What Lee Enfield was used in ww1?
The British Army had the Short Magazine Lee–Enfield Mk III Rifle more commonly known as the SMLE; it was the standard infantry rifle in the First World War and would be for much of the Second World War. A bolt action weapon that fired a .
How many Lee Enfield rifles were made in ww1?
|US Rifle, Model of 1917, Caliber 30|
|No. built||2,193,429 total|
|Variants||Remington Model 30|
|Mass||9.187 lb (4.167 kg) (empty)|
Where was my Lee Enfield made?
A redesigned rifle known as the 303 SMLE (Short Magazine Lee-Enfield) was introduced in 1904 and was manufactured in India by the Rifle Factory Ishapore (RFI) in West Bengal. It is estimated that 17 millions of these rifles have been manufactured across the world. With .
What rifles are chambered in 303 British?
Firearms chambered in .303 British
- Bren light machine gun.
- Browning Model 1919 machine gun aircraft version.
- BSA Autorifle.
- Canadian Ross Rifle Mk I through III.
- Caldwell machine gun.
- Charlton Automatic Rifle.
- Farquharson rifle.
- Hotchkiss .303 Mk I & I*
Why was the Lee-Enfield so good?
For service use, it was robust, reliable, and effective. Its bolt action was quick and smooth, allowing a soldier to make fast followup shots. Its 10-shot magazine had twice the capacity of its contemporaries, enabling small units to lay down an impressive rate of fire and keep it up longer.
What replaced the Lee-Enfield?
Pattern 1913 Enfield
The Pattern 1913 Enfield (P13) was an experimental rifle developed by the British Army ordnance department to serve as a replacement for the Short Magazine Lee–Enfield (SMLE). Although a completely different design from the Lee–Enfield, the Pattern 1913 rifle was designed by the Enfield engineers.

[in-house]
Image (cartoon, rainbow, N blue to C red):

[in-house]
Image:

Where did the Lee Enfield rifle get its name?
Total production of all Lee–Enfields is estimated at over 17 million rifles. The Lee–Enfield takes its name from the designer of the rifle’s bolt system— James Paris Lee —and the factory in which it was designed—the Royal Small Arms Factory in Enfield .
When was the Lee Metford replaced by the Lee Enfield?
A redesign of the Lee–Metford (adopted by the British Army in 1888), the Lee–Enfield superseded the earlier Martini–Henry, Martini–Enfield, and Lee-Metford rifles. It featured a ten-round box magazine which was loaded with the .303 British cartridge manually from the top, either one round at a time or by means of five-round chargers.
How big is the barrel of the Enfield SMLE?
The barrel was now halfway in length between the original long rifle and the carbine, at 25.2 inches (640 mm). The SMLE’s visual trademark was its blunt nose, with only the bayonet boss protruding a small fraction of an inch beyond the nosecap, being modelled on the Swedish Model 1894 Cavalry Carbine.
When did the Lee Enfield Short Magazine come out?
A shorter and lighter version of the original MLE—the Rifle, Short, Magazine, Lee–Enfield or SMLE (sometimes spoken as “Smelly”, rather than S, M, L, E) —was introduced on 1 January 1904. The barrel was now halfway in length between the original long rifle and the carbine, at 25.2 inches (640 mm).